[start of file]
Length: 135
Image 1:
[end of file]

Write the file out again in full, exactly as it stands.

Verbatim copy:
Length: 135
Image 1: